On winter’s east winds they come, floating sapphire jewels with a venomous sting that lasts long after they’ve washed ashore.
Portuguese man-of-war, so named for the ship-shaped balloon that keeps them buoyant, have been spotted on Palm Beach County beaches in recent weeks with lifeguards warning to steer clear of the grape-colored sea creatures.
“We fly the purple flags pretty frequently in winter,” said Town of Palm Beach Ocean Rescue lifeguard Taylor Jantz, referring to the caution flag alerting to the presence of threatening beach pests. “While a jellyfish sting can feel like a mosquito bite, a man-of-war can create a much harsher reaction.”
Tentacles stacked with coiled, barbed tubes of venom stream out as far as 100 feet from the man-of-war’s gas-filled sail, packing a sting that can swell lymph nodes, cause nausea, and, in extreme cases, cause trouble breathing.
Earlier this month, a woman swimming at Phil Foster Park in Riviera Beach became entangled in man-of-war tentacles and had to be taken to the hospital, according to Steve Kaes, a training officer for Palm Beach County Ocean Rescue South District.
“She was having trouble breathing,” Kaes said. “The more parts of your body it covers, the more stressful it is.”
The man-of-war uses its venomous tentacles to paralyze and kill small fish.
Although often confused with a jellyfish, the man-of-war is actually a siphonophore, according to the National Oceanic and Atmospheric Administration. A siphonophore is comprised of different organisms with various functions all working together as one.
While serious reactions to a man-of-war sting are rare, if the tentacles get wrapped around a person, they can stick to the skin, causing lines of red welts that can last for several days. Tentacles can still cause stings after being broken up in rough surf or even after the man-of-war washes ashore and dies.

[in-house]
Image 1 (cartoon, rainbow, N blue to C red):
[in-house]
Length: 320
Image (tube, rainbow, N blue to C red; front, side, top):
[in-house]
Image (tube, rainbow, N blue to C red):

Surface high pressure over the Eastern Seaboard and western Atlantic Ocean during winter months contributes to persistent east-northeasterly winds, said Robert Molleda, warning coordination meteorologist for the National Weather Service in Miami.
“These high pressure areas are typically stronger in the winter, so that often leads to stronger east winds,” Molleda said.
With winds turned north following Tuesday’s cold front, there weren’t as many man-of-war on Palm Beach’s Midtown beach Wednesday, but Jantz said she had buried several to keep them away from people strolling the shore where they often get caught in the wrack line.
“Avoid the tentacles, they can stretch out a long, long way,” Kaes said. “The most important thing is to tell children they aren’t toys.”
Tara Smith, of Delray Beach, said she was at a private beach Monday when she noticed her 6-year-old son Harrison shoveling something blue into a pile.
“I thought it was strange and from a distance thought they were water bottles,” Smith said. “But my younger daughter Lexi and him ran to go get me and I saw he was shoveling a ton of man-of-war into a pile.”
Smith said her children weren’t stung, but that the beach was littered with man-of-war.
While lifeguards write on beach condition chalkboards when man-of-war are present, Jantz said people often don’t know what they are or what to look for. Sharks they understand, but the purple critters on the beach seem less threatening.
Children will pop the sails like balloons, which can sting their hands or feet, Jantz said
“Whether they are dry or wet, those toxings are still living,” Jantz said. “They’re beautiful to look at, but can really hurt.”
The Florida Poison Control Center recommends treating the sting by washing the area with sea water, vinegar or alcohol, and scraping off any remaining tentacles.